Knowing the development cycle of the Call of Duty games with its three primary developers, Infinity Ward, Treyarch and Sledgehammer, all rotating around a 2-3 year period, it’s safe to say WWII was in development by Sledgehammer for a while before the negative reception of Infinite Warfare even shuddered at the success of Battlefield 1, so it’s a bit presumptuous of me to assume the last-minute decision to replicate the excitement surrounding its competitor was intentional. However, it still played a huge factor in it, and largely in part to Activision’s lack of engagement with fans demands. A World War II setting is, ideally, the best possible move to take the Call of Duty franchise right now, returning to its former glory days and also playing to the demands (at this point we should rather call it prayers) of fans still holding on to this glimmer of hope. We only know little about the game apart from its setting until the reveal, but should we actually be excited about this?

Part of my skepticism for this is, like I mentioned earlier, the appeal of the World War II setting. Battlefield 1’s success rested on the shoulders of a daring concept that was never done before through World War I, but the World War II shooter has ultimately exhausted its greatest ideas through other series like Medal of Honor, Brothers In Arms, and even earlier Battlefield entries excluding what Call of Duty had already brought to the table. Why more developers have shifted to modern warfare is because of the spike of World War II shooters in the early 2000’s that saw a struggle between creative minds to introduce their own inventiveness into the war, which admittedly was already limited and dried of all original ideas as a result. This raises a red flag for Call of Duty: WWII.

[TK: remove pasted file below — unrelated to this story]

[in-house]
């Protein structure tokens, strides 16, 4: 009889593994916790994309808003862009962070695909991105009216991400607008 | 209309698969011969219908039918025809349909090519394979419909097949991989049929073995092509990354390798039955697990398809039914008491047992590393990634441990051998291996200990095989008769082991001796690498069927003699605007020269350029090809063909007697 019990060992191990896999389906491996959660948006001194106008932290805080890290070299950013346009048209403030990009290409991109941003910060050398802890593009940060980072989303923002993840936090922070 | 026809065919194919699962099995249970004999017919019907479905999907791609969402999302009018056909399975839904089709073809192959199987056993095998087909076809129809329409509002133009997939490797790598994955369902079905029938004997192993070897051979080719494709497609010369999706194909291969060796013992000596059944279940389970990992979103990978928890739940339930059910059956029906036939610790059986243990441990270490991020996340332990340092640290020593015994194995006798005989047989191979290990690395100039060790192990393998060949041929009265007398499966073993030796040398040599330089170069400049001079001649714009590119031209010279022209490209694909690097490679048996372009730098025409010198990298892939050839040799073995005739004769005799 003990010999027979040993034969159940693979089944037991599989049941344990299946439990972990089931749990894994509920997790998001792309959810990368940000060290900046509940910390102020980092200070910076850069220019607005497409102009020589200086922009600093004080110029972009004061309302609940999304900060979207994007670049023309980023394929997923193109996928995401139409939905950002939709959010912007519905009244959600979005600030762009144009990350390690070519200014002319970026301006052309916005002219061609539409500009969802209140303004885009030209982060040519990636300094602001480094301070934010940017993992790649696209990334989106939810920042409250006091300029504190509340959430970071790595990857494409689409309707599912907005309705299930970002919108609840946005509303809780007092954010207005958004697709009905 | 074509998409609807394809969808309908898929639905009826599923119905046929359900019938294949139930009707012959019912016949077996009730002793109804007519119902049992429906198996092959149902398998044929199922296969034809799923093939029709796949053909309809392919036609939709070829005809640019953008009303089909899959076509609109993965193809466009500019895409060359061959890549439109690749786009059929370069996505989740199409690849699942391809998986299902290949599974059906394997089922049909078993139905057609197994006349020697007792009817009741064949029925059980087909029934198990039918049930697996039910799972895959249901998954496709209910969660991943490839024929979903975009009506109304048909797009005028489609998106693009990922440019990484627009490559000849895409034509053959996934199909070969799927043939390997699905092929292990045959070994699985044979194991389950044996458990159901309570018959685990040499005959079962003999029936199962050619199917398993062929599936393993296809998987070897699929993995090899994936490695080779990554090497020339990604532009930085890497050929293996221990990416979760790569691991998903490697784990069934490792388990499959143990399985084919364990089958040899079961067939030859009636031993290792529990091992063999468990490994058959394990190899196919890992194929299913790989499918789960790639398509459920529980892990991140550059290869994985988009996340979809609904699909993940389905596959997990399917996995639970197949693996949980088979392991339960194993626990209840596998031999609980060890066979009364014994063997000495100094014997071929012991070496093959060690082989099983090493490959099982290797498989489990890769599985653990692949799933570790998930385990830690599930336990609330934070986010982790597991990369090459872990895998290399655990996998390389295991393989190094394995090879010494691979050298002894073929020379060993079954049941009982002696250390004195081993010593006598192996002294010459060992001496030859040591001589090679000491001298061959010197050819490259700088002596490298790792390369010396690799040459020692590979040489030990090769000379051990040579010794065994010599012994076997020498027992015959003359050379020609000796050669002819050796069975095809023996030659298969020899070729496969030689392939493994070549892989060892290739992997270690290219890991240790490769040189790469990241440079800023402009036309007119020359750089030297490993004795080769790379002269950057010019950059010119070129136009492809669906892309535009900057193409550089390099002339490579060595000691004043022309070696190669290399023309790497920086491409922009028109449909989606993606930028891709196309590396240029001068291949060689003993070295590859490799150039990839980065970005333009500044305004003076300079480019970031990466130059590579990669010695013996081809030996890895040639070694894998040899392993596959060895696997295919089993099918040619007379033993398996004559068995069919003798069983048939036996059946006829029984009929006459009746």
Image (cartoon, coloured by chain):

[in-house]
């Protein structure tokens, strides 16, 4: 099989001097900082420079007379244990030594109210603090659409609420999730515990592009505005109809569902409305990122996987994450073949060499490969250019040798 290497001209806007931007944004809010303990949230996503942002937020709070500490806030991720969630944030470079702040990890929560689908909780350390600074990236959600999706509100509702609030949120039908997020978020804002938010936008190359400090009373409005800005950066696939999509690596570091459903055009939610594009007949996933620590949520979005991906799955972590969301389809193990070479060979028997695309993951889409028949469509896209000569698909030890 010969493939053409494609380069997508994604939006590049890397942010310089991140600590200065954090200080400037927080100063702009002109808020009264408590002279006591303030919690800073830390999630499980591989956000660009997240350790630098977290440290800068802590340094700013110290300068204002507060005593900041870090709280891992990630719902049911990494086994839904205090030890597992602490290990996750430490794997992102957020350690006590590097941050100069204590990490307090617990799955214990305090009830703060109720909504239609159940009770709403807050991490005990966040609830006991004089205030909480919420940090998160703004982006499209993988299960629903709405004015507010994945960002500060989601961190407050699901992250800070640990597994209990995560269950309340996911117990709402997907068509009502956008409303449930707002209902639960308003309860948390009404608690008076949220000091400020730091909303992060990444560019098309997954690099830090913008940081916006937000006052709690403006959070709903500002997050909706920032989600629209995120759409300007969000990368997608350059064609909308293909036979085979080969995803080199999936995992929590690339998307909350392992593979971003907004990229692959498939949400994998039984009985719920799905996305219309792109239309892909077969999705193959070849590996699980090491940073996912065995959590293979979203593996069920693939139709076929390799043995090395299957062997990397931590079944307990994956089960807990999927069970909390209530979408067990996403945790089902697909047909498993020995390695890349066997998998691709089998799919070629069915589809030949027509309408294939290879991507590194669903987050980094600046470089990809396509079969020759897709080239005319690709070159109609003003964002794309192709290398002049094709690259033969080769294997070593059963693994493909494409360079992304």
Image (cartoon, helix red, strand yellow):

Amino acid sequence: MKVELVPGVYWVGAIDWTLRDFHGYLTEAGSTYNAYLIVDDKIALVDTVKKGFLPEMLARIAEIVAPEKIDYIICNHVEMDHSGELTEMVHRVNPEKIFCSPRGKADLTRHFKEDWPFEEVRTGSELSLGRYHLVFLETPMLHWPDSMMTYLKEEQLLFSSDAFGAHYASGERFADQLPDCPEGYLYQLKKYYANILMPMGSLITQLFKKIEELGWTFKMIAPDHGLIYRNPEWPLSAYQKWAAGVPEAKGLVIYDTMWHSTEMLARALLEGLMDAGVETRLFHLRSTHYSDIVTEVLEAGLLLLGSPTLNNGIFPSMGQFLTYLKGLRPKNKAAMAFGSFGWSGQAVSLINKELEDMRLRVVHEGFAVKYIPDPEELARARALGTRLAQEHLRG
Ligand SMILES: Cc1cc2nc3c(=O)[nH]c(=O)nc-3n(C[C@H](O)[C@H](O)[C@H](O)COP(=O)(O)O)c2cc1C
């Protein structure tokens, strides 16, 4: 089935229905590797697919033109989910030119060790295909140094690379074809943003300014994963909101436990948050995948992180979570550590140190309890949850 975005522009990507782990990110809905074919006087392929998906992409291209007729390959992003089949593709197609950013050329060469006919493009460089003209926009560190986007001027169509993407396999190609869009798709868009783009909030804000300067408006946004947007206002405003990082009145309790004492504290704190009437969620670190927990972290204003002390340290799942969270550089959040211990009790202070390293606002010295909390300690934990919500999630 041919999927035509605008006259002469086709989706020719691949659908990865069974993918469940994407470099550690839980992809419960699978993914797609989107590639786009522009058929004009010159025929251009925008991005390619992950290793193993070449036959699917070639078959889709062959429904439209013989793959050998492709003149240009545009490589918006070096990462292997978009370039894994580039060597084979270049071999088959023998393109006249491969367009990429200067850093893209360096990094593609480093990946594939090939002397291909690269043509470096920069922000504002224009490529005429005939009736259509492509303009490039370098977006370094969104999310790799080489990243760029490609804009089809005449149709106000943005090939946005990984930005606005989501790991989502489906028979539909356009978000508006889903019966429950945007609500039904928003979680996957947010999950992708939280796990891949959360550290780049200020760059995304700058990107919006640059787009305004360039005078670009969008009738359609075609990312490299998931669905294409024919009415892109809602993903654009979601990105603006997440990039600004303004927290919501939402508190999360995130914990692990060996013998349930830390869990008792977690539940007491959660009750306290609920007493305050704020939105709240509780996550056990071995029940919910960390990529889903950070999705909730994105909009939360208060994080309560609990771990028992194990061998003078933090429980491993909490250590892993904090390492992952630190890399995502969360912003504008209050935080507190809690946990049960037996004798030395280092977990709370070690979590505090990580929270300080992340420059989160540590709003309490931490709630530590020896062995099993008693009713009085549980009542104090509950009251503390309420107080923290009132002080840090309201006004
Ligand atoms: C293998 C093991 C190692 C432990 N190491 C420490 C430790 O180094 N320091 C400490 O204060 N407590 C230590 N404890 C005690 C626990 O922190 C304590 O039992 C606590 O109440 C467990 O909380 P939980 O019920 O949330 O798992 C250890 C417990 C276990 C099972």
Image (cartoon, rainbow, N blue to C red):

While it is true that the gaming industry has shifted away from older war shooters over the years, the demand of gamers to go back to that era of gaming certainly speaks more about the nostalgic aspects of World War II shooters as opposed to it being done as a wholly original and innovative product. Sledgehammer Games may have their work cut out for them if they wish to reinvigorate the same amount of interest and appeal with some ingenuity to make WWII a justified return to form. Otherwise, this upcoming game could suffer from feeling like a pretty shell of its former self; a genuine concern for many who feel conflicted about what Activision aims to achieve with this apart from giving in to fan demands without any real new creative direction.

On the bright side, it is a good sign to see the behemoth publisher finally willing to listen to what fans have been demanding for what feels like an eternity. Apart from my concerns, I’m still very excited to see exactly what Sledgehammer Games can bring to the table with their first bout into World War II. If the admittedly bold move to boost Call of Duty far into the future with Advanced Warfare was an objectively fresh spin on a tired formula, I have faith they can use that same visionary drive to give WWII an edge over the tired tropes of the World War II shooter. We can only patiently wait now to see if Call of Duty: WWII succeeds or fails as this could very well be the series’ ultimate tipping point.